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    West Haven police have arrested a man accused of trying to burglarize a home on Washington Avenue.

    Police said around 10:30 a.m. Monday the suspect, later identified as 19-year-old Jaquan Toles, tried to enter a home through a window, but the resident spotted him and chased him off.

    Witnesses provided police with a description and officers located Toles nearby.

    Toles was charged with burglary. Police said he has prior arrests for burglary and larceny.



    Photo Credit: West Haven Police Department

    Jaquan TolesJaquan Toles

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    This "Bidi Bidi Baby" is going viral after starring in a photo shoot themed around Tejano pop star Selena.

    The baby, Natalia Gallegos, is just 15 days old in the photo and dressed up with a sparkly brimmed hat, lipstick-stained microphone and white rose, resembling a miniature version of the late singer.

    Texas-based newborn photographer Sofi Guerra said that the baby's mother immediately noticed a tiny replica of Selena's hat among the photo props when she came for the shoot.

    That's when Guerra knew that the woman's daughter was the right baby to dress up as Selena. It was a picture she had wanted to take for a while.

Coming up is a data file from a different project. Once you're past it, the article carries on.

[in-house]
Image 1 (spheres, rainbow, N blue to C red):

"I knew this photo was different," Guerra said. "But I didn't realize the magnitude of how many people would fall in love with it." 

    After Guerra shared the post on Facebook, it became a social media sensation. Selena's sister, Suzette Quintanilla, found the photo and posted it to her Facebook page where it got more than 12,000 reactions and hundreds of shares.

    Guerra thinks that it's the detail of the photo that made it so popular. When Guerra ordered the microphone, she made sure that it was designed to be stained with red lipstick, just like Selena's microphone often was.

    She also made the felt hat by hand, personally attaching more than 200 Swarovski crystals to its brim.

    "That's what Selena used to do. She would be finishing her hats before she went onstage," Guerra said.

    Both Selena super fans, Guerra and the baby's mother, Helen Gallegos, said that they saw the picture as a sign that the Mexican-American singer's legacy would live on in the next generation.

    Helen Gallegos was in the fourth grade and already a huge fan of Selena when the singer was shot and killed in 1995. She recalled crying for a week straight.

    "When I see the picture it makes me feel good that after all these years I haven't forgotten about her," Gallegos said. "I'm glad I have daughters that will grow up knowing who she is and listening to her music."



    Photo Credit: Sofi Guerra
    This story uses functionality that may not work in our app. Click here to open the story in your web browser.

    Fifteen-day-old Natalia Gallegos channels Tejano pop star Selena in her newborn photo shoot.Fifteen-day-old Natalia Gallegos channels Tejano pop star Selena in her newborn photo shoot.

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    Thirteen little kittens have a lot to purr about in Newtown.